Opening ceremonies to celebrate Section I were out of the question, because it was brought into use a couple of miles at a time as it was slowly finished, and the delays to the project were a downright embarrassment. So the first real opening ceremony took place on Section II, at Cefn Coed just north of Merthyr Tydfil, on 15 December 1964. James Griffiths, the successor to Lord Brecon as Secretary of State for Wales, was going to inspect the arch bridge at the Taf Fechan and had a speech to read out to a small crowd of dignitaries and journalists. There might even have been a ribbon for him to cut.
Before that could happen, though, the gathering was disrupted by a vocal (but decidedly civilised) protest from the Vaynor Parish Council Tenants Association. They were unhappy because they had been promised a path across the new Heads of the Valleys Road to reach their local school, but the path wasn't ready, and now 500 of their children had to take a detour, involving a walk along the busy A470.
The South Wales Echo's report of the opening took the protest to be very much the main event.
"When Mr James Griffiths, Secretary for Wales, arrived at Cefn Coed, near Merthyr, today to inspect the Taf Fechan bridge on the Heads of the Valleys road he was greeted by a crowd of mothers waving placards reading 'Protect our children with pathways' and 'Their lives are in your hands'."
Griffiths had no knowledge of this issue and must have been slightly bemused by it. Mrs Joyce Samuel handed him a letter, and the head teacher of the school at Ysgol-y-Graig, Dilwyn Roderick, discussed the missing footpath with him in Welsh. Mrs Samuel said that he was "very nice" and promised to look into it. The footpath was opened for the schoolchildren to use, in its slightly unfinished state, in time for their return to school after the Christmas holidays.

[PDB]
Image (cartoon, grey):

The missing footpath for the children of Ysgol-y-Graig wasn't the only controversy at the road's opening ceremonies. Two years later, in September 1966, Griffiths' successor Cledwyn Hughes arrived to open the final section of the new road, but its three-lane design was still an issue.
Hughes' speech for the grand opening was originally written with a passage discussing how it had been designed for excellent visibility and high speeds of 55mph, that three lanes were adequate for the traffic, and bluntly stating that it would be a perfectly safe road if drivers were careful and safe when using it. Behind closed doors, however, there was obviously some anxiety about the road that had been built and it was thought better to say nothing. Civil servants at the Ministry of Transport were extremely anxious to avoid headlines like "Minister Defends Three-Lane Deathtrap", and just a couple of days before the event, they deleted the whole section from his speech.
The road may have been finished and open to traffic but the Ministry of Transport hadn't heard the last of it just yet. Protracted negotiations over the ultimate cost of Section I, and the responsibility for it having gone so wrong, continued until 1968, when it emerged that the consulting engineers had recognised that Morgan's tender price was too low — quarter of a million pounds lower than bids placed by more experienced companies — but recommended taking it anyway.
The problems with Section I, and the associated costs, continued to stack up. It emerged that £15,000 was spent on extra excavation work, and another £11,300 on building a retaining wall that hadn't been in the original plans at all. Concrete was used to build the sewage works instead of brickwork in order to save time, adding to the cost of excavation and foundation work. Expensive macadam was used instead of cheap concrete in parts of the roadbed. There was even a mysterious request of £9,230 for "miscellaneous" expenses.
The cheap contract that had started in the first days of 1960 led to tiresome negotiations and extra expenses for almost the whole of the decade that followed.